For the Birds Radio Program: Contest update
Laura’s in-laws in Port Wing are seeing a lot of birds this winter, and are the people to beat in Laura’s contest. (3:45)
(Recording of a Northern Cardinal)
This year’s winter bird contest is going strong. So far the people to beat are my in-laws, who’ve had 11 species so far this month in their Port Wing yard. They get Ruffed Grouse coming regularly to a large platform feeder filled with cracked corn, and an occasional Pileated Woodpecker. Like everyone else, they are finding finches hard to come by. They’ve had only a single Pine Siskin and Evening Grosbeak all month. There’s a big flock of White-winged Crossbills chowing down on spruce seeds in Port Wing, and at least a few flocks in Duluth, but so far no listeners have reported seeing them in their yards. And nobody has yet reported Bohemian Waxwings on their yard lists, though there are several good-sized groups around.
My in-laws may be getting more species than anyone else I’ve heard from so far, but they’re certainly not getting the best species. Several people have been getting cardinals, in Iron River, Cornucopia, Port Wing, Duluth, and south of Superior. Bob Power, who lives on the beach in Port Wing, had the most unusual feeder bird so far—a Bald Eagle coming down for hard boiled eggs. He also had Oldsquaw swimming in the open water behind his house. The most exotic bird so far has been a Great Gray Owl who sat on a pole in the Park Point dunes in Ruth Sola’s yard. There’s a lady in East Grand Forks who’s been getting a Brambling of all things. This is only the second Minnesota record ever of this vagrant finch from Europe. I haven’t heard of any House Finches in the northland yet, but they have been breeding in Madison, Wisconsin, and so it won’t be long before their range includes our area. These close relatives of Purple Finches are quite adapted to the urban habitat, and can successfully compete with House Sparrows for nesting sites and food.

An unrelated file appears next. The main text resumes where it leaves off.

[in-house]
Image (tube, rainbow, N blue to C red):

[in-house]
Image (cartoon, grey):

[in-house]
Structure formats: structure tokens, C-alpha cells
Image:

This year’s winter contest can only be a success if lots of people report their yard birds. List every species that comes into your yard or can be seen from your property between January first and the last day of February. You can count birds flying overhead or swimming in a nearby lake as long as you actually see them while you’re in your yard. We’ll have prizes for the Wisconsin and Minnesota listeners with the most species, and a prize for the child 12 or under who sees the most species. We’ll also have a prize for a Minnesota and Wisconsin entry chosen at random, so even if the only birds you see are House Sparrows and starlings, you still have a chance of winning.
Not too many people have been complaining about squirrels this year, but these voracious rodents do make a lot of people unhappy. My philosophy about squirrels is if you can’t beat ‘em, count ‘em—so we’ll also have a prize for the listener who reports the most squirrels. We can’t give prizes for everything, but we’d like to report unusual mammals on the air. All I’ve been getting all winter are six gray squirrels and a shrew, but my in-laws have been getting flying squirrels and a fisher. And a kind listener who called me about her cardinal south of Superior is getting a raccoon. Unfortunately, her name has been scribbled over by the most delightful mammal on my property, my three year old son Tommy. If you want to make sure your entry doesn’t turn into an art project, send it to “For the Birds,” KUMD radio, University of Minnesota, Duluth, 55812. You still have plenty of time to add new species, so start your list today.
(Recording of a Northern Cardinal)
This is Laura Erickson, and this program has been “For the Birds.”